As a result, the judge held the defendants liable for contributory trademark infringement, and he enjoined the site from “permitting, allowing or facilitating customers, users or members of Tradekey.com” and its affiliate Web sites, to “post or display listings to buy, sell, manufacture or distribute products bearing the plaintiffs’ marks.”
Going even further, the judge also extended that injunction to search-engine queries that display any of the luxury group’s brands, and it stopped Tradekey from using the brand names as “key words, ad words or any other type of metadata.” Lastly, he said the defendants could not “allow or advise” any parties on “how to create or post listings for products” that include the infringing marks.
Tradekey must also “institute mechanisms” or “procedures to ensure compliance” with the injunction and provide written proof of that compliance, and it must police its own site for counterfeits.
“They cannot hide their head in the sand and wait to be tapped on the shoulder,” said Susan Kayser, a partner at Jones Day, who represented the plaintiffs. “Part of the reason that the six luxury brands here went after Tradekey is because they wanted to go to the center of the wheel and be able to shut down a source that was facilitating thousands upon thousands of counterfeits getting out there.”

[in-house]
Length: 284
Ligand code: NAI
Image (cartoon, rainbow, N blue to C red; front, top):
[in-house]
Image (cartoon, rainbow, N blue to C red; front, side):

Susan Scafidi, director of Fordham’s Fashion Law Institute, said, “Because Tradekey facilitates wholesale transactions, it’s higher on the counterfeit food chain than individual sellers on eBay or Taobao — Richemont has speared a shark rather than simply skimming plankton. The ruling is also a direct window into simplistic practices for attempting to avoid detection — don’t call the products ‘replicas’ — and into the geography of counterfeiting, since Tradekey’s offices are located in China, Pakistan, and Saudi Arabia.”
According to Kayser, who began the investigation in 2010 and filed the lawsuit a year later, the “goal of the lawsuit was to protect consumers worldwide.”
The lawyer noted that based on the extensive investigation, Richemont was able to win an earlier default judgment against 18 Tradekey members who were selling and buying counterfeits. Most of the members hailed from China, she said, adding that the court turned over their domain names.
But the recent order, which was delivered on Oct. 8, is the real crown jewel of the case, as it may have broader implications for brands and third-party Web sites such as Alibaba or eBay.